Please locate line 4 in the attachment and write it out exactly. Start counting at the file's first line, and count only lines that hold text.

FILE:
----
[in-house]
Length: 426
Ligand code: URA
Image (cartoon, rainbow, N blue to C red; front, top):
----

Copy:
Image (cartoon, rainbow, N blue to C red; front, top):